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New fears arise over 'White Plague' - virulent form of tuberculosis that's drug resistant

By Catholic Online (NEWS CONSORTIUM)
5/29/2014 (2 years ago)
Catholic Online (www.catholic.org)

Tuberculosis usually associated with poverty conditions - overcrowding, lack of sanitation

Drug-resistant tuberculosis, or XDR-TB is a form of the airborne disease that thus far has been resistant to the four main groups of drugs used to treat it. Those stricken with this version of the disease must undergo treatment that can take years to cure, one that requires alternative drugs that have even more side effects.

Highlights

By Catholic Online (NEWS CONSORTIUM)
Catholic Online (www.catholic.org)
5/29/2014 (2 years ago)

Published in Health

Keywords: Tuberculosis, White Plague, drug-resistant, South Africa


LOS ANGELES, CA (Catholic Online) - An ancient disease, this version of TB was known as the "White Plague" in 18th century Europe. It remains extant and claims the lives of more than one million people a year globally.

Tuberculosis has been associated with the effects of poverty conditions. TB is usually bred wherever there is crowded housing, shared living space, poor ventilation, poor nutrition and poor healthcare systems. Under these conditions, the deadly condition can spread and thrive. 

Learn how you can help fight this deadly disease --

The White Plague is a complex disease with the potential to affect many parts of the body. Even worse, the condition can remain hidden and left undiagnosed. Many patients are unaware that they are infected. The main active form of the disease affects the lungs; if left untreated it can cause considerable lung damage, resulting in eventual death.

One South African patient, following repeated exposure, suffered extensive damage to his lungs. The disease has left him reliant on an oxygen tank as he receives his treatment from the non-governmental organization Doctors Without Borders. The organization plays a large role in treating TB in Khayelitsha, one of the largest townships in the country.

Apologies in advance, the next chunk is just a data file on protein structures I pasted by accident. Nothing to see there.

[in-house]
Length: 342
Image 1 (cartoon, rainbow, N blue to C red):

"Sometimes I ask myself, why me? Why did this have to happen again?" he says. Residing in Khayelitsha Township in Cape Town, South Africa, he adds that "the problem is I could have got it anywhere, on the bus, in a taxi, in my work. It's everywhere."

TB is everywhere in South Africa and is the leading cause of death. It's estimated that up to 80 percent of drug-resistant forms of the disease are now transmitted directly between people, rather than developing over time.

"The disease has reached a public health emergency in South Africa," Keertan Dheda, professor of medicine at the University of Cape Town says. "We treat half a million cases a year and today, the epidemic has taken a turn with drug resistance. We treat 8,000 cases of resistance a year and now a chunk of those have developed resistance beyond XDR-TB -- incurable TB."

Last year, there were 72 cases of drug-resistant TB in the United States. In 2012 there were 64,000 cases in India and 59,000 in China. The more people and the closer their proximity, the easier the disease spreads.

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